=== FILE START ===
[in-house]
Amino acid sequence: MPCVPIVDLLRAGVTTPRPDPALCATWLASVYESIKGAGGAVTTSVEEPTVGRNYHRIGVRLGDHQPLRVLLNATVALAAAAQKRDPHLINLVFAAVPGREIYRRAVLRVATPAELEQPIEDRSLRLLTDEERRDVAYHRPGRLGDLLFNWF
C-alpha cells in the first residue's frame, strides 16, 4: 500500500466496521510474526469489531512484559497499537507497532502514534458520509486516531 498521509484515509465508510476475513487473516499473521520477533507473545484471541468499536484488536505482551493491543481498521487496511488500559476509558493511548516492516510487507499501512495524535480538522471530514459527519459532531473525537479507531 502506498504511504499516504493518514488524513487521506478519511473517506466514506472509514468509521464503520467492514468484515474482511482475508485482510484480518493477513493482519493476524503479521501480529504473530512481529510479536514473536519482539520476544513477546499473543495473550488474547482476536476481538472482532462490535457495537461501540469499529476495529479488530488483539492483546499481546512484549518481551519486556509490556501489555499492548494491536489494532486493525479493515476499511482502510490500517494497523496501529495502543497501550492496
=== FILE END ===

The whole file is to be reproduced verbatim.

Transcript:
[in-house]
Amino acid sequence: MPCVPIVDLLRAGVTTPRPDPALCATWLASVYESIKGAGGAVTTSVEEPTVGRNYHRIGVRLGDHQPLRVLLNATVALAAAAQKRDPHLINLVFAAVPGREIYRRAVLRVATPAELEQPIEDRSLRLLTDEERRDVAYHRPGRLGDLLFNWF
C-alpha cells in the first residue's frame, strides 16, 4: 500500500466496521510474526469489531512484559497499537507497532502514534458520509486516531 498521509484515509465508510476475513487473516499473521520477533507473545484471541468499536484488536505482551493491543481498521487496511488500559476509558493511548516492516510487507499501512495524535480538522471530514459527519459532531473525537479507531 502506498504511504499516504493518514488524513487521506478519511473517506466514506472509514468509521464503520467492514468484515474482511482475508485482510484480518493477513493482519493476524503479521501480529504473530512481529510479536514473536519482539520476544513477546499473543495473550488474547482476536476481538472482532462490535457495537461501540469499529476495529479488530488483539492483546499481546512484549518481551519486556509490556501489555499492548494491536489494532486493525479493515476499511482502510490500517494497523496501529495502543497501550492496